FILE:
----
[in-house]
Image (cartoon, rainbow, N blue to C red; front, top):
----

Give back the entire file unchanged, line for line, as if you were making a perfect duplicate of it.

[in-house]
Image (cartoon, rainbow, N blue to C red; front, top):